Favre threw just 2 TDs and a whopping 9 INTs in the last five games of the season. (Pennington threw 7 picks all season.) Favre finished the year with a league-leading 22 INTs. Like we said the other day, a lot of folks in New York were re-gifting those No. 4 Jets jerseys they bought in a blind haste back in August.

Yet more disastrously for Favre's legacy, in the season finale, in a do-or-die effort at home against the Dolphins, he was thoroughly outclassed by Pennington in a 24-17 Miami victory.
Pennington returned to the Meadowlands for the first time since being dumped like a teenage girl who puts out on the first date. Yet he was as solid as a rock, completing 22 of 30 passes (73.3%) for 200 yards, 6.7 YPA, 2 TDs, 0 INTs and a 113.2 passer rating.
The two TDs were feathery perfect passes that he dropped into the hands of his receivers as if delivered out of an eye dropper.
Favre, meanwhile, was put in one of those must-win situations in which he's routinely failed to deliver more than any quarterback in recent memory, and held true to form. He completed 20 of 40 passes (50%) for 233 yards, 5.8 YPA, 1 TD, 3 INT and a 45.1 passer rating.
In the biggest game of the year it was, naturally, his lowest-rated game of the year.
The final INT, meanwhile, was a game-ending disaster, as Favre appeared bewildered and confused on New York's final chance to tie the game.
The Curse of Flutie Part I
The inability of the Bills to win since Wade Phillips benched Doug Flutie before the 1999 playoffs has been a consistent theme of the Cold, Hard Football Facts, who have regularly chronicled the Curse of Flutie, most recently a few weeks ago.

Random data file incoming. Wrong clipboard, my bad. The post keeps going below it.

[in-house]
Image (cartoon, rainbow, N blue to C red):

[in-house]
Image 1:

Interestingly, NFL Network commentator and Buffalo native Nick Bakay picked up on the Curse of Flutie earlier on Sunday, discussing the topic in his lament of another lost season for the Bills.
The Curse held true to form, as the Bills were shutout by New England, 13-0, in the season finale. It was a disastrous finish for Buffalo, which began the season 4-0 and 5-1, but went just 2-8 over the final 10 games.
The Curse of Flutie Part II
Since benching Flutie, the career of Phillips, the architect of the Curse, has featured more season-ending disasters than 1970s made-for-TV movie dramas.
The 2008 season was no exception.
The Cowboys began the year as prohibitive favorites to win the NFC title. They ended the year at 9-7 and on the outside of the playoffs looking in, and on the wrong end of a 44-6 beating in must-win game against the Eagles – who captured a playoff spot in the process.
It was the biggest beating the Cowboys have suffered in 20 years – since a 43-3 loss to the Vikings during the 3-13 season of 1988, the last year of the Tom Landry Era.
It seems that if the Jets, Bills and Phillips, not to mention the pigskin "pundits," had just kept their idle thoughts to themselves and had just listened to us, the 2008 season might have turned out quite a bit differently.  
Instead, we continue to revel in the glory and the triumph of our perfection ... or maybe that's overstating the case a bit.
But, hey, at least we didn't buy a Jets No. 4 jersey back in August.